Coastwide - Strong winds mixed with some choopy seas and 5-foot swells are forecast through the weekend, and that should scare most anglers off the water other than during calmer morning periods.

Coastwide - Strong winds mixed with some choopy seas and 5-foot swells are forecast through the weekend, and that should scare most anglers off the water other than during calmer morning periods.

The ocean season for fin-clipped coho salmon opens Saturday, and catches should be very good if the weather holds off and anglers can get out. The fin-clipped coho quota is 26,000 fish, and the season is concurrent with the chinook season south of Cape Falcon. Chinook fishing has been slow, with fewer than one in seven anglers catching a fish this week. The limit remains two salmon, whether they are coho, chinook or a mix of the two.

An extra three days of all-depth halibut fishing could come Thursday to Saturday, July 1-3, if a review later this week shows enough of the spring quota remains for one more weekend of fishing.

Bottomfish anglers must remain within the 40-fathom curve to reduce the bycatch on canary and yelloweye rockfish. Focus on waters 60 to 120 feet deep and along the edges of kelp beds or near-shore rock croppings.

Anglers coastwide are averaging three to five rockfish per trip. The marine aggregate limit is seven rockfish a day, and two lingcod a day with a 22-inch minimum.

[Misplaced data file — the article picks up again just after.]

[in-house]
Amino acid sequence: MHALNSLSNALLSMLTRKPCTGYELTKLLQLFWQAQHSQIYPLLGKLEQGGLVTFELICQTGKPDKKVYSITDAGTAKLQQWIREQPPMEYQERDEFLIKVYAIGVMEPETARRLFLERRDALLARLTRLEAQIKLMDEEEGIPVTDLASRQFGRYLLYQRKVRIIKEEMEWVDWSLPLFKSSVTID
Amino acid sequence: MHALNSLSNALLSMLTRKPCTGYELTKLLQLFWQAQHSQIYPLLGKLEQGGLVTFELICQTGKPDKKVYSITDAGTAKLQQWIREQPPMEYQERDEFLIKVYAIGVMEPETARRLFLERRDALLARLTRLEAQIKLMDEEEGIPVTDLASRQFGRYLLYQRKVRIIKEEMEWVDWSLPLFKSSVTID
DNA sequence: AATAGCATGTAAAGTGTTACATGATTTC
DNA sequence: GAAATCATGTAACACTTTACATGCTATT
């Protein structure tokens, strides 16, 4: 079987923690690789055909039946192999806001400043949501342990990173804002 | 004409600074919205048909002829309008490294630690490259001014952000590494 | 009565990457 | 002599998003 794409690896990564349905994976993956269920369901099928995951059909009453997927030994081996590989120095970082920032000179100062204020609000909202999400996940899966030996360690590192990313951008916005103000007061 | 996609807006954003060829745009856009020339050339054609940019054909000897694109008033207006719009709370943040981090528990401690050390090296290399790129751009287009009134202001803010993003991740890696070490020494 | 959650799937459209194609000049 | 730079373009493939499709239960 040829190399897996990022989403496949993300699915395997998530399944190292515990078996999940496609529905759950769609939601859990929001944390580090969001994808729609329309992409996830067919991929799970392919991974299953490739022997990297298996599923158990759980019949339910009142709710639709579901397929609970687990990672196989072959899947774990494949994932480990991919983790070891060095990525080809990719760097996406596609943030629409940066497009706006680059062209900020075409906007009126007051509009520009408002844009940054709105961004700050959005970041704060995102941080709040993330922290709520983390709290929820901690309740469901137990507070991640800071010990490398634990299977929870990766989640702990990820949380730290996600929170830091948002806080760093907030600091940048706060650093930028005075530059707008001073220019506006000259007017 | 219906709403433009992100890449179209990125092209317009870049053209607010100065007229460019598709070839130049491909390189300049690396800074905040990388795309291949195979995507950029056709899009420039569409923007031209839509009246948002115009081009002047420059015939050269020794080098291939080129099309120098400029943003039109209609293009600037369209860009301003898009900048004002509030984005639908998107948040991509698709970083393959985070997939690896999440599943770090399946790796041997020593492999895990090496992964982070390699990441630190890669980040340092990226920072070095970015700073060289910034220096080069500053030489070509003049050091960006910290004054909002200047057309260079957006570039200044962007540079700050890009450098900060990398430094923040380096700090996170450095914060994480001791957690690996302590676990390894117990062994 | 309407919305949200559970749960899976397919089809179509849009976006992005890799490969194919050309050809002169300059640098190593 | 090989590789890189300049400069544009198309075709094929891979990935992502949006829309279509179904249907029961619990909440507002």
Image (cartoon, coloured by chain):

Dungeness crabbing in the ocean has been poor lately, largely because the heavy seas have forced recreational crabbers into bays.

The Oregon Department of Agriculture is allowing clam harvest in coastal bays and on open beaches along the entire coast. Mussel collection is closed from the mouth of the Columbia River south to the California border because of elevated levels of toxins. For more information and updated closures, call the shellfish hot line at 1-800-448-2474.

BROOKINGS - The ocean chinook season has been slow, but look for good fishing for fin-clipped coho beginning Saturday. Start in water around 150-feet deep and work anchovies with hoochies at varying depths in the top half of the water column.

Surfperch fishing is very good around Winchuck Beach. Use prawns, fake shrimp or shrimp flies.